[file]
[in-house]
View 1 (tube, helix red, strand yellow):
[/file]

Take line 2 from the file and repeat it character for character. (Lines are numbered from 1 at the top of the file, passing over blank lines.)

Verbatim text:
View 1 (tube, helix red, strand yellow):